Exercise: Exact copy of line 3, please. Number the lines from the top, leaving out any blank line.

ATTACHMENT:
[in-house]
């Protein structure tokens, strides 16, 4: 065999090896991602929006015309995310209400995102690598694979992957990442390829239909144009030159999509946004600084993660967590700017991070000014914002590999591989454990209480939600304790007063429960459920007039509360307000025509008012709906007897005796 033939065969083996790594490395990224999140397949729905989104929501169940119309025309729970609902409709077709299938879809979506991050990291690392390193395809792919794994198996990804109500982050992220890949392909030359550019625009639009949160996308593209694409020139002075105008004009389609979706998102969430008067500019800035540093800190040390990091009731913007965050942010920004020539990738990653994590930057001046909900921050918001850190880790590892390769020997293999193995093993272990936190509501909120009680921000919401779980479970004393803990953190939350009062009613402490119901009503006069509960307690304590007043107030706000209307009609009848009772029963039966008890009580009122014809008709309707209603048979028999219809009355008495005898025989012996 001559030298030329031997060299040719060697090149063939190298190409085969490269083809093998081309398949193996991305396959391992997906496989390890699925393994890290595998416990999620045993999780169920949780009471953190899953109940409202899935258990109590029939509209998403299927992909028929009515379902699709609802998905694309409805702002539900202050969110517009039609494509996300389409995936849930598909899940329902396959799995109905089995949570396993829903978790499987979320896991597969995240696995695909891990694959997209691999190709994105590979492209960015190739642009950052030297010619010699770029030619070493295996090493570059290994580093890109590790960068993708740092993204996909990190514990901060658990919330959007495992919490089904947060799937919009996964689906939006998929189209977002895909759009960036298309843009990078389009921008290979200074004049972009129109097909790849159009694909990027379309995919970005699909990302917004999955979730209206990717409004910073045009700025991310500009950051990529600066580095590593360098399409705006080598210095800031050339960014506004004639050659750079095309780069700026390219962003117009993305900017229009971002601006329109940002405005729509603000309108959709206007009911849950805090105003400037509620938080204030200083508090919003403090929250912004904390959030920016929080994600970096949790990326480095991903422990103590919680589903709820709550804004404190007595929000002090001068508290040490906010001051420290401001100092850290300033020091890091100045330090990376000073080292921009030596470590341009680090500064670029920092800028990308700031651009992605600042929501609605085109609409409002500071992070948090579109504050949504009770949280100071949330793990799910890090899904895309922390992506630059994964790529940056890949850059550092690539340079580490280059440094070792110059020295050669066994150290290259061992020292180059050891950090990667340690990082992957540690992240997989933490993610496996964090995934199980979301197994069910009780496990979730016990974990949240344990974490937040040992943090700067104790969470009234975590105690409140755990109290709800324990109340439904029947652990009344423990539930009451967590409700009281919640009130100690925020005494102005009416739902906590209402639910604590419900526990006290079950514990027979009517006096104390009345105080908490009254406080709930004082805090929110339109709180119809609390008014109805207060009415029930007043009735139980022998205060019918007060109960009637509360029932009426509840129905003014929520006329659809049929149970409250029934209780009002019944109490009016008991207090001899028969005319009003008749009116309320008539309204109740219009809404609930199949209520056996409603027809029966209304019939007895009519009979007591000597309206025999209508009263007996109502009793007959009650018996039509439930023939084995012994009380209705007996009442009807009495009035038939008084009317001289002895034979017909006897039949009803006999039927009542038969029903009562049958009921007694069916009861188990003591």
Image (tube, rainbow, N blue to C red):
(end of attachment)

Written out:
Image (tube, rainbow, N blue to C red):